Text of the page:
I don't like the sound of that. I see why secrecy may be a necessity, but how can one be assured, without any documented proof, that the agency is cost effective or useful or makes any sense at all? No matter how small the amount, that is still my money funding the program...

I am by no means stating that the the DHS is useless, I just see no evidence to the contrary and I don't know if I can trust others with a higher security clearance to decide weather or not it is for me... it is quite the conundrum.
 
  • #5
robertm said:
I don't like the sound of that. I see why secrecy may be a necessity, but how can one be assured, without any documented proof, that the agency is cost effective or useful or makes any sense at all? No matter how small the amount, that is still my money funding the program...

I am by no means stating that the the DHS is useless, I just see no evidence to the contrary and I don't know if I can trust others with a higher security clearance to decide weather or not it is for me... it is quite the conundrum.
We the public may not see it. I work with people at the DHC and I am under non-disclosure, a fine bunch of people I work with, I must say.
 
  • #6
It is hard for me not to be so cynical. I hope you know I mean no disrespect to the individuals who work in the program, it is with the department itself that my issues stand.
 
  • #7
As Russ pointed out it is something difficult to quantify. I am a security guard and (though it certainly is not the same thing) our major priority is deterrence not catching bad guys. I'm sure that the same holds for Homeland Security. The main thing is to keep these things from happening or anyone even trying. About the best you can do is look at incidents of "terrorism" in the past and relate the numbers to those since the formation of Homeland Security. You can easily still hold the opinion though that the FBI, CIA, NSA, ect should be able to do this without the need of Homeland Security, which may be true.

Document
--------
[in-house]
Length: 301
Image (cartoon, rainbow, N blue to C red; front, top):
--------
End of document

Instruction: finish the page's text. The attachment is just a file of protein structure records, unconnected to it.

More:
I don't have the time right now but what you can do is look up the website of, and other sources on, Homeland Security to see what their mission statements and goals are then try to quantify the improvement in those areas through statistics before and after their institution. Then (in regards to their necessity above and beyond pre-existing agencies) you can look into the powers, mission statements, and goals of other agencies then compare and contrast.

Or you might get lucky and find an article that already treats the topic and just check it's accuracy.
 
  • #8
I have been totally frustrated by the fact that Homeland Security is spending mega $ billions per year and the border is still wide open.
 
  • #10
russ_watters said:
Except for a couple of high profile successes like the New Years' attack a few years ago, it is largely impossible to know if you prevented what didn't happen or if it just didn't happen on its own.

However, here is a list of the most recent domestic terrorist attacks:

-1993 World Trade Center Bombing
-1995 Oaklahoma City Bombing
-1996 Atlanta Olympics (the army list below doesn't consider this terrorism - I disagree)
-1997 Palestinian sniper on the Empire State Building (hadn't heard about that one)
-2001 9/11
-2001 Anthrax attacks
(I have not included attacks on US soil overseas, such as the two embassy bombings and the USS Cole)

Here's a comprehensive global list: http://www.army.mil/terrorism/read.html

Since 2001...None.

So we can say without a doubt that the domestic terrorism situation has gotten much better since 2001. But is it because of the DHS or the war on terror, or just a matter of chance? Dunno.

I want to stress on one point, terrorism has no religion, faith, nationality...its a global issue. It doesn't mean that some Palestinian nutjob did a criminal act, that all Palestinian people or bad and should die. If that's the case then on the other camp, all Israelii people must die as well...fortunately it is not.